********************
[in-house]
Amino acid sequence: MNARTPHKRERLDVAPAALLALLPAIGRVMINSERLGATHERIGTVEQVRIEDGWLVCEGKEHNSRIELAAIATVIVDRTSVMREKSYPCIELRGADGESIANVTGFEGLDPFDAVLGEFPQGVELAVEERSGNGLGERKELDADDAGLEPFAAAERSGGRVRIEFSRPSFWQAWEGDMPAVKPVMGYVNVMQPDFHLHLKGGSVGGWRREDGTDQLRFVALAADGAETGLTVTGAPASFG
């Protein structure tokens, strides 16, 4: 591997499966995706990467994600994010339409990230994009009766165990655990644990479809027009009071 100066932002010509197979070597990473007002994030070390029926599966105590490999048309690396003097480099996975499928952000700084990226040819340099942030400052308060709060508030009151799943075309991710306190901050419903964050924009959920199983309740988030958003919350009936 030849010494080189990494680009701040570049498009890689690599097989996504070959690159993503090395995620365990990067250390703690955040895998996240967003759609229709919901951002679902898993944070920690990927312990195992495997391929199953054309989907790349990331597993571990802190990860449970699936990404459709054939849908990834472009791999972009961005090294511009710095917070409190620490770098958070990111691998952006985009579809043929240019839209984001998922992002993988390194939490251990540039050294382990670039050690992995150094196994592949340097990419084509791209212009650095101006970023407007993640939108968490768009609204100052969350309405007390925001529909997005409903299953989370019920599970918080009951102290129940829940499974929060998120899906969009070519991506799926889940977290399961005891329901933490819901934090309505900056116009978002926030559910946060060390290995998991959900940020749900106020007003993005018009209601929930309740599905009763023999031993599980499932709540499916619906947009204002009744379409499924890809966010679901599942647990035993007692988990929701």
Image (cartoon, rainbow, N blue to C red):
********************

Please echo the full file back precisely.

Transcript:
[in-house]
Amino acid sequence: MNARTPHKRERLDVAPAALLALLPAIGRVMINSERLGATHERIGTVEQVRIEDGWLVCEGKEHNSRIELAAIATVIVDRTSVMREKSYPCIELRGADGESIANVTGFEGLDPFDAVLGEFPQGVELAVEERSGNGLGERKELDADDAGLEPFAAAERSGGRVRIEFSRPSFWQAWEGDMPAVKPVMGYVNVMQPDFHLHLKGGSVGGWRREDGTDQLRFVALAADGAETGLTVTGAPASFG
């Protein structure tokens, strides 16, 4: 591997499966995706990467994600994010339409990230994009009766165990655990644990479809027009009071 100066932002010509197979070597990473007002994030070390029926599966105590490999048309690396003097480099996975499928952000700084990226040819340099942030400052308060709060508030009151799943075309991710306190901050419903964050924009959920199983309740988030958003919350009936 030849010494080189990494680009701040570049498009890689690599097989996504070959690159993503090395995620365990990067250390703690955040895998996240967003759609229709919901951002679902898993944070920690990927312990195992495997391929199953054309989907790349990331597993571990802190990860449970699936990404459709054939849908990834472009791999972009961005090294511009710095917070409190620490770098958070990111691998952006985009579809043929240019839209984001998922992002993988390194939490251990540039050294382990670039050690992995150094196994592949340097990419084509791209212009650095101006970023407007993640939108968490768009609204100052969350309405007390925001529909997005409903299953989370019920599970918080009951102290129940829940499974929060998120899906969009070519991506799926889940977290399961005891329901933490819901934090309505900056116009978002926030559910946060060390290995998991959900940020749900106020007003993005018009209601929930309740599905009763023999031993599980499932709540499916619906947009204002009744379409499924890809966010679901599942647990035993007692988990929701």
Image (cartoon, rainbow, N blue to C red):